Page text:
A friend of mine has been dating the craziest of crazy girls for years. They break up and get back together. She rips him apart but he still comes back. He even thinks it’s something he should be doing differently. He openly admits that guys are attracted to “crazy girls.”
This might just be a general statement, but it has got me thinking. What really attracts people to each other? Is it a need to fix something? Is it a desire to make someone else love you, to fill a hole you have in yourself? Is it the feeling you get when you are around someone, the way they make you feel about yourself? Or is it a genuine desire to not know what is next, to put your trust into someone that is totally unpredictable?
This question bothers and intrigues me because I have such a small amount of crazy in me. I am literal, predictable, purposeful, and probably a little bit boring. This is why most of my friends are guys, because I can relate better to their sensibilities.
I could digress here for countless paragraphs about the crazy girls in my life who’ve attempted to turn my life upside down. The truth about the majority of them is that things come pretty easily for me. Things that other girls seem to work very hard on, come naturally to me. I am comfortable and confident in my own skin. I convey an effortlessness that makes me aloof and cool. This is something every girl tries very hard to convey to the world. This is where the games and the calculating and the manipulation come into play. This is where girls of a lower caliber and a penchant for malicious jealousy can get furious without even realizing it. Now that I’m older, and not very much wiser, I prefer to surround myself with girls that are confident and don’t fuck around. Why don’t men do the same? Why can’t men do the same?
One of the sweetest, kindest, most thoughtful men I’ve ever met told me this week that he worries that someone will fall in love with him based on how he makes them feel about themselves. That he will be the sole provider of his partner’s self esteem. And that they won’t love him for him, but love him selfishly. That’s a lot for one person to bare, and a lot for one person to bestow upon another. I’ve been in relationships where your partner is your everything. Your lover. Your best friend. Your confidant. Your only respite. I think that’s too much for one person to be responsible for. How can one person be your everything, your whole world, without the constant responsibility forcing them to resent you.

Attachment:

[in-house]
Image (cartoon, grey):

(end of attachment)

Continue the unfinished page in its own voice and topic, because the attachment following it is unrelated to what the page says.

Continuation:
Contrarily, I believe that your partner should think you are better than you think you are. They should make you strong when you are weak. They should tell you you’re beautiful when you feel fat and ugly. They should hold you in their arms and comfort you when you are sad. Not because they have to, or because they need to make you feel better. But because they believe it to be true.
So, now the question arises. How can I love someone completely without losing myself? How do I maintain my own self worth, while supporting someone else’s? Will I ever have the feeling like I am enough for someone else to be happy? Is there a love that can last forever? If so, will I be able to know it if I see it? There are too many questions that I fear I’ll never have the answers to.
Reblogged this on My Lover My Best Friend.